Tampa One Day, Nashville Evacuation the Next

Labor Day weekend we drove over to the Port of Tampa and caught up with a bit of Channelside, which had fallen on hard times since we lived there.

With Irma upon us and unsure about a new rental apartment in a new town, we chose to evacuate to Nashville. Other than the Jeep problems, we enjoyed catching up with Nashville, including Broadway honky Toni’s and our favorite resort from previous visits, The Opryland Hotel.

Tampa Bay on Memorial Day

After our taste of the crowds at Disney Springs on Saturday and wait time to just get our AP,s and hearing insane reports of wait times and staggered park entrances, we decided not to venture back to Disney on Monday to catch the last day of the Flower and Garden Festival.

So we headed back to our beloved Tampa Bay to catch up, have lunch at Frenchys Outpost and spend some time on Dunedin Causeway and/or Honeymoon Island. Frenchys wasn’t too crowded but we couldn’t get on Dunedin. So we squeezed onto a small stretch of the Courtney Campbell Causeway on our way back to Orlando.

It was such a blast being back at Frenchys – we were last there on our Thanksgiving trip from Las Vegas and now six months later we’re living in Florida again. We’d hoped we’d be living in Tampa Bay – Orlando is crazier than over – so much traffic and beat up roads making getting around quite a challenge. And, of course, housing prices are higher in Orlando.

We’ve been househunting like crazy and are absolutely exhausted mixing that with so much fun – lol! Hard to believe we’ve only been here two weeks.


Above: Blackenef Mahi Mahi Sandwich, Fiery Shrimp Tacos, Blue Paradise, and the “Perfect Margarita”

On the Cusp of Change

There’s something in the air that tells me we’re on the cusp of change. We hear the train coming for us. The thinking, the analysis, the paralysis is over. It’s time to grab hold and jump on when we see the train arriving in the station. “Don’t miss this one,” we hear. It could be the last one.

It’s like there are two roads ahead – one is a straight, two-lane road in the wide open desert. There’s a car sitting there waiting. It has two sets of brakes. It looks predictable and safe. On the other road sits a free-flowing, gravity pulling roller coaster. There are no brakes, allowing life to take you where it wants to. There is no set course that you can see, just up, down, and around in circles. But there’s a sign overhead that says, “This is where your dreams come true.” You know this is the road you should take, but it’s absolutely terrifying.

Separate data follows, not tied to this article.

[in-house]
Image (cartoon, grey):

“Don’t think. Just surrender.” I wrote these words on my blackboard over my music keyboard in my studio. The thinking has been done. This is the time of surrender.

When I wrote about our Florida Thanksgiving trip when we were staying on Clearwater Beach, I told you about the encounter we had with a musician singing his heart out, strumming his guitar on a cold, lonely night on an empty street one block from the beach. And when we contributed to his tip jar, he stopped playing and singing, flashed me the biggest smile I’ve ever seen and started talking to us. I urged him to “Keep warm,” and he gave me a scientific explanation of the weather. And when we left, he said, “Thank you for reminding me to keep warm.”

In that moment I was convinced that Father Philip was right that “You see Jesus in the poor.” Now I don’t really know how poor he is, but I get the point. Nobody has ever smiled at me like that. And when I pondered that experience over the next few days, especially when I was feeling terrified of the idea of moving back to Florida for the third time, I realized, “I’d rather step out of my comfort zone and have an experience like that than safely tuck myself away in the familiarity of our house in the desert.”

I’ve committed to releasing an entire album, and I’m terrified of that, too. But I’m no longer overthinking. I’m surrendering. I’m jumping on the roller coaster and letting life take me where it wants to.